Insights from the AFR Energy & Climate Summit 2023.
Oct 16, 2023.
Held over two days, the theme of this year’s Australian Financial Review Energy & Climate Summit was ‘Crunch time for the transition”.
The Australian Financial Review Energy & Climate Summit is the nation’s leading platform that features political leaders, regulators, energy producers, disruptors, and industry insiders to address the questions, challenges and opportunities of Australia’s transformation to renewable energy towards a net-zero economy.
Here are some of the key headlines from the summit:
- Regulators, producers, and users all agreed the country’s energy transition has fallen well behind the national target of 82 per cent renewables by 2030, which underpins the federal government’s legislated 43 per cent emissions reduction commitment.
- Businesses and governments reinforced that community support and earning a social licence remain critical to project success. There was also agreement all can do better, including addressing the ‘power imbalance’ that communities experience.
- The federal government will set a 2025 emissions reduction target, most likely during the 12 months leading up to a 2025 federal election. The deadline for the target is Feb 2025.
- Community energy resources are an untapped solution to realising the renewable transition: as much as 20GW of household generation could help secure the grid.
- Long-duration storage was repeatedly raised, and the director-general of Queensland’s Department of Public Works and Energy said “batteries would be more than double the cost of pumped hydro to achieve its storage goal”.
- Nuclear energy continues to split business and politics. Many said it should remain on the list of options, but nearly all agree it should not be at the expense of renewables.
- NSW, Vic, and federal governments agree: Putting new transmission lines underground would be prohibitively expensive ‘in most cases’.
- A carbon tax would boost chances of reaching 2030 targets: There’s an economy-wide revenue-neutral carbon tax-sized hole in Australia’s climate plans.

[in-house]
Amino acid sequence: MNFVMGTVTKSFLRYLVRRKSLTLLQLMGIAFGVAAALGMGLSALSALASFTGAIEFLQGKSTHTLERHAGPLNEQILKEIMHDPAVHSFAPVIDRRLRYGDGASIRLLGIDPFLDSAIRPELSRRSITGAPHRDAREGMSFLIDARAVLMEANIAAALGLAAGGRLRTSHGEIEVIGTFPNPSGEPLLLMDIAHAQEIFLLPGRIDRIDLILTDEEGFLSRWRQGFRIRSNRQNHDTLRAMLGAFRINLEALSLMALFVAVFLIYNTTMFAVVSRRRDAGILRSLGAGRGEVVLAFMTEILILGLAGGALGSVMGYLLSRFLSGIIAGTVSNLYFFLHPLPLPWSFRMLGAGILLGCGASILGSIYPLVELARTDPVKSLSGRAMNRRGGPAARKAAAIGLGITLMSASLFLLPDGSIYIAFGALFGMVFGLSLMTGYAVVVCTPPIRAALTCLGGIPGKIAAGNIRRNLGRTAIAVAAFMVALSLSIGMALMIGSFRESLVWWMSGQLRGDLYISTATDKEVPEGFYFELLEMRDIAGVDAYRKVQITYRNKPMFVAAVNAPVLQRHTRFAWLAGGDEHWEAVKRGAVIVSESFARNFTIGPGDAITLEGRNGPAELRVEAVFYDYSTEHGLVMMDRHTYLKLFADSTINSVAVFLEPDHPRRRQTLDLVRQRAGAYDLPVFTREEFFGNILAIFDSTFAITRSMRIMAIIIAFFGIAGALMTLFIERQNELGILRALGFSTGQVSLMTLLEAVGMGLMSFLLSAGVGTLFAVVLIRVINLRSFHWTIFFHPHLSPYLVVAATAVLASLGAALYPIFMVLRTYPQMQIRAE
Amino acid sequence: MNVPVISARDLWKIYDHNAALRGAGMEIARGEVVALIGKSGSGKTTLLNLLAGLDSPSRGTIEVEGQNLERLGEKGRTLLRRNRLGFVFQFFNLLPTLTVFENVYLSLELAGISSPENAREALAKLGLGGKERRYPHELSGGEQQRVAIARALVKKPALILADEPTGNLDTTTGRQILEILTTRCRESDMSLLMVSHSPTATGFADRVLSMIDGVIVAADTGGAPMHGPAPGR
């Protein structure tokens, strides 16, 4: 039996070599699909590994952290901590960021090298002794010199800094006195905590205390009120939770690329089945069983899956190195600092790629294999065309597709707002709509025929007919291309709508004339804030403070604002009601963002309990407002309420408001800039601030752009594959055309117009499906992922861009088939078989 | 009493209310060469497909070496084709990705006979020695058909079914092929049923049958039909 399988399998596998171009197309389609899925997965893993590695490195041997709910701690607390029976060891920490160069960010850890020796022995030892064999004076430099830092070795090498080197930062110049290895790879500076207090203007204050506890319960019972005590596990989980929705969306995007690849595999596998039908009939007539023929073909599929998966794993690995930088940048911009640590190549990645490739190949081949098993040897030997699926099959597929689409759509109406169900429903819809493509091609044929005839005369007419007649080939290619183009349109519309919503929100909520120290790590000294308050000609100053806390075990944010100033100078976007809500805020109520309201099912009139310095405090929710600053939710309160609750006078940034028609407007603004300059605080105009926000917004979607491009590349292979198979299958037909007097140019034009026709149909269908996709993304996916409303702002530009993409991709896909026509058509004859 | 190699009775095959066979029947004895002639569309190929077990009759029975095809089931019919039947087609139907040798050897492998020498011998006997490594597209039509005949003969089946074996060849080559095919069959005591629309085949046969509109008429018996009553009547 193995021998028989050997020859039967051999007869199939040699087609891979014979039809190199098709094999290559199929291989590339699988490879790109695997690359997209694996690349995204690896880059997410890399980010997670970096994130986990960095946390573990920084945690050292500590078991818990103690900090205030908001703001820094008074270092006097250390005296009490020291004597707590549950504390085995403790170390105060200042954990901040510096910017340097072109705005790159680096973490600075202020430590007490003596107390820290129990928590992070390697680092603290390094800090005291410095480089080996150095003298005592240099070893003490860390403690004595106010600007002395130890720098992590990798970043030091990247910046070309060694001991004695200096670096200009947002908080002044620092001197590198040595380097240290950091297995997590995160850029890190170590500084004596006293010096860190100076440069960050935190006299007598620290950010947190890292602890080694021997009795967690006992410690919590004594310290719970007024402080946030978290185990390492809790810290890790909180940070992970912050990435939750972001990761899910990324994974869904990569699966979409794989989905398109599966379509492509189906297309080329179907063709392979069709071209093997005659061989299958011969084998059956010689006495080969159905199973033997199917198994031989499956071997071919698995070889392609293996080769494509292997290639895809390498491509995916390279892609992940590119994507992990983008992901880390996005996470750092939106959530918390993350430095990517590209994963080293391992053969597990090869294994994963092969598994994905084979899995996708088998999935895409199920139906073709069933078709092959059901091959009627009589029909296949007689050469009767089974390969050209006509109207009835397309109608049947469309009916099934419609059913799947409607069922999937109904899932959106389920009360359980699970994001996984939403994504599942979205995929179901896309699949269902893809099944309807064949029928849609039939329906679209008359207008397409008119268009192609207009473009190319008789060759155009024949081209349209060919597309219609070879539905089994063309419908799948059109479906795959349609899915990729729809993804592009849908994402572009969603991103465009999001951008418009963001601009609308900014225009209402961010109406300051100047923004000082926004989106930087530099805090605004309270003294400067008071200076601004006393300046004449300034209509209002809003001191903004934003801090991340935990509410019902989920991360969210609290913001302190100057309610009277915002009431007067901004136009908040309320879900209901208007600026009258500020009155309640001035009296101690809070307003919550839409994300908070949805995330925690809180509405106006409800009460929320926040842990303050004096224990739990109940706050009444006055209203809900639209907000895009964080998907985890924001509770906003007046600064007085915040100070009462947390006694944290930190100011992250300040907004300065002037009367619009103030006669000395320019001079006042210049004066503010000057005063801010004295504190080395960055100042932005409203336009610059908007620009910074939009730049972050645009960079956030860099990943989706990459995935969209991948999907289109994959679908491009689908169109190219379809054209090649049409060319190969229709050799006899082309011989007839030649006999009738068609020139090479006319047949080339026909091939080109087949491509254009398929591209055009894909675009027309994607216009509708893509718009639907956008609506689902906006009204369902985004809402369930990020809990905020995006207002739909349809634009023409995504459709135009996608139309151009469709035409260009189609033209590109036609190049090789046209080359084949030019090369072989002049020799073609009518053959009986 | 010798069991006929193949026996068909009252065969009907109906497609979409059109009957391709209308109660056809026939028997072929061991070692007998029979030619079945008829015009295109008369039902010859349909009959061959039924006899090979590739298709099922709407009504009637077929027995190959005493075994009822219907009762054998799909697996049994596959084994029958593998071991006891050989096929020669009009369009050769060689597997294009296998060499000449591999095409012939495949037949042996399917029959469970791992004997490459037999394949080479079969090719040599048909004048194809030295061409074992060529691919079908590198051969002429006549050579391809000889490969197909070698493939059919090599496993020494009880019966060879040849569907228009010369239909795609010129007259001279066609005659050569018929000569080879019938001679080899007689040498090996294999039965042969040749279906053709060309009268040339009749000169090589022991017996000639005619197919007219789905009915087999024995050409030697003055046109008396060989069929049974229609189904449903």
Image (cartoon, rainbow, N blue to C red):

They had their say.
Daniel Westerman, CEO of AEMO.
“When the next generation looks back in 25 years’ time, I hope they’ll see we collectively rose to the challenge and created an energy system fit for Australia’s net-zero future.”
Chris Bowen, Federal Minister for Climate Change and Energy.
- No coal fired power station has been built since 2009 and no more will.
- 2022 ISP found that Step-Change was the most likely pace of change.
- Green hydrogen industry key to becoming export superpower.
- Announced ARENA is opening the first stage of the Hydrogen Headstart program through a two-stage, competitive process: initial Expression of Interest Stage open until 10 November 2023.
- Underground transmission would be prohibitively expensive “in most cases”.
- Hume Link: 50% of landholder agreements now secured.
Anna Collyer, CEO of AEMC, championed the role of CER in the transition.
Clare Savage from the AER maintained a focus on the threats/risks to affordability for consumers because of the pace to get to scale in the transition.
Madeleine King, Federal Minister for Resources.
- A new definition for critical minerals is on its way next year, and could include coking coal, bauxite, iron ore, as well as copper and nickel on the list.
- Focused on critical mineral projects and emphasised that improvements in approvals is needed.
Ted O’Brien, Opposition spokesperson for Climate and Energy.